Christmas frigatebird (Fregata andrewsi)

Also known as: Andrew's or Christmas Island frigatebird
  
French: Frégate d'Andrews
KingdomAnimalia
PhylumChordata
ClassAves
OrderPelecaniformes
FamilyFregatidae
GenusFregata (1)
SizeLength: 89 - 100 cm (2)

The Christmas frigatebird is classified as Critically Endangered (CR) on the IUCN Red List 2007 (1), and listed on Appendix I of CITES (3).

The Christmas frigatebird is a very large, mostly black seabird with a glossy green sheen to feathers of the head and back (4). Females are larger than males (5); they have a white breast and belly, a narrow white collar around the lower neck and a whitish bar across the upperwing (4). Males are dark all over apart from a white patch on the lower abdomen. They have a red gular pouch, which becomes more vibrant in the breeding season and is inflated during mating displays (4). Juveniles have more mottled feathers on their upper-parts (2), a pale fawn head, white throat and a russet necklace (4). They take around four years to gain adult plumage (4).

The Christmas frigatebird is found in the northeast Indian Ocean, these birds are only known to breed on Christmas Island (4). The distribution of birds at sea is not well documented but they may wander widely and are known from the coasts of Indonesia, Malaysia, Thailand (6) and northern Australia (4).

Although these birds do not settle on the water, they inhabit the open ocean, returning to land only to roost and breed. Both nesting and roosting occur on a small area of Christmas Island, in tall forest close to the shore (4). Nesting sites are preferentially in the lee of the prevailing southeast winds (4).

Males Christmas frigatebirds begin their mating displays in late December (4), inflating their scarlet throat pouches during courtship (2). Egg laying occurs between March and May and nests are positioned high in tall forest trees (6). A single egg is laid and both parents take it in turns during the 50 to 54 day incubation period; fledglings can remain dependant on their parents for six to seven months after their first flight (4).

The Christmas frigatebird feeds mainly on flying fish and cephalopods (such as squid), which are scooped from the surface of the water (6). A proportion of its food is obtained by harassing other seabirds such as red-footed boobies (Sula sula), until they are forced to regurgitate their meal (4).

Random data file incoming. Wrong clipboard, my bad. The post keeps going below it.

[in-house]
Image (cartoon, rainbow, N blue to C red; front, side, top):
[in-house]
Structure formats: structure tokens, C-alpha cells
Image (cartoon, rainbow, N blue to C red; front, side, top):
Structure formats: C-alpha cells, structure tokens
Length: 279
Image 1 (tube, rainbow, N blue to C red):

Habitat destruction and human predation have been the major causes of population decline in the past (6); dust pollution from phosphate mine driers caused one major nesting site to be abandoned (4). Dust suppression equipment has since been installed and human predation has ceased since this species has been protected (4). Birds that have been displaced in the past may now be using sub-optimal habitat, which could pose a threat to their survival (4). The Christmas frigatebird is confined to a few breeding colonies on a single island and this, together with their low reproductive rate (4), makes the population alarmingly vulnerable to any chance event.

Christmas Island National Park was established in 1989 and contains two of the three current breeding populations of this species (5). Christmas frigatebirds are also protected outside of the park and by Migratory Bird Agreements between Australia and other countries (4). This species remains highly vulnerable however, and the close monitoring of breeding success and population size remains a high priority (4).

For more information on the Christmas frigatebird see:

Authenticated (22/10/02) by Max Orchard, Environment Australia.
http://www.ea.gov.au/index.html

  1. IUCN Red List (April, 2008)
    http://www.iucnredlist.org
  2. Erritzoe, J. (1993) The Birds of CITES and How to Identify Them. The Lutterworth Press, Cambridge.
  3. CITES (October, 2002)
    http://www.cites.org
  4. Orchard, M. (2002) Pers. comm.
  5. BirdLife International. (2000) Threatened Birds of the World. Lynx Edicions and BirdLife International, Barcelona and Cambridge.
  6. BirdLife International. (2001) Threatened Birds of Asia: the BirdLife International Red Data Book. BirdLife International, Cambridge, UK.